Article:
Time for Uist: Unearth the gems of a Scottish Hebridean idyll packed with heritage, Gaelic culture and superb food and drink

Take time to explore Uist, where a deep peace and stillness belies the extraordinary stories, history and culture of this island which are found by venturing just a little off the well-worn road, just a little below the surface, and into the heart and soul of people and place

Time slows and expands here in Uist, making an hour seem like two and a week away like an immersion in somewhere that moves to its own beat.

Quickly, the demands of the clock unwind as the island, with its long-running timelines and proudly unbroken Gaelic traditions, sets its own pace. You’ll find an island where the past is embedded in every track and turning and its present and future set in fresh ideas and new enterprise as its people, the Duchais, as they have forever done, dig in, evolve and survive while sharing what is dear and true to them.

New distilleries for whisky and gin; street food made from island meats and flavours; warm hospitality with a modern feel and croft tours which unfold generations of knowledge are part of the picture here to meet the needs of today’s traveller, as are boat tours to off-radar beaches and walking explorations of places held close to those who call the island home.

Augmented reality archaeology at Cladh Hallan. Credit - Uist Virtual Archaeology ProjectAugmented reality archaeology at Cladh Hallan. Credit - Uist Virtual Archaeology Project
Augmented reality archaeology at Cladh Hallan. Credit - Uist Virtual Archaeology Project

Architecture of the old and new combine in a landscape that flits between the heavenly, the worked, the abandoned and the militarised while archaeology bores right down into the island’s often hidden yet startling narrative of life forged here over thousands of years. From the sites of Bronze Age mummies to Viking settlements and grand clan halls where feasts of the Lord of the Isles were sometimes served with an extra course of bloodshed, all can be found here if you can slow yourself down and take time to discover.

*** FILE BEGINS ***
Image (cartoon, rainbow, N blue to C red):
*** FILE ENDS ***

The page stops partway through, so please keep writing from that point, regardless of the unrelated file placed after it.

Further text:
For many a visitor to this part of the world, all roads lead to the beach and it is true there is a special joy to hold as the clouds clear, the blue skies deepen and the clear water and white sands illuminate in the most otherworldly mix of colour and light. If time moves differently in Uist, it could well be that it stops altogether in these seconds when extreme natural beauty shows itself on the beaches of the west coast.

But as people seek out these spots for a shot of tranquility, a sense of space and photographs of the moment, there is a risk that the rich, authentic stories that really crack open island life fall to the wind leaving rewards unclaimed, truths unnoticed and a deeper sense of place unventured.

The A865 is the main artery that cuts through the island from north to south but in the circulatory system of Uist, it is what lies off the modern, main route – a road that rises and falls over the waterways and lochans that once served as a type of canal system connecting homes to sea – where much of the island’s life story can be found.

South Uist © @dirtslothSouth Uist © @dirtsloth
South Uist © @dirtsloth

Take Bornais, for example, a settlement on the west of South Uist. You won’t see it at first but in the wide-open blanket of gorgeous machair that runs off the beach, the outline of a major Viking settlement, where some 20 buildings once stood, gently pushes up through the ground. Today, this site sits silent apart from the chirps and calls of the island’s busy bird life and perhaps the rumble of a tractor collecting seaweed from the nearby sands, but once it boomed with trade, activity and a population who gathered around the hall of an important Norse ruler, where hearths were lit and feasts cooked and consumed.

An evening walk here among the oyster catchers, curlews and redshanks takes you to another place forged more than one thousand years ago, where the ways of the ancient suddenly fill the air and the land feels far from empty as past life raises like a powerful spectre. If some holidays are about getting away from it all, in Uist you can be taken up close to who and what came before this modern world from which we take a break, in what feels like a very personal trip of discovery. You may well return home a little different.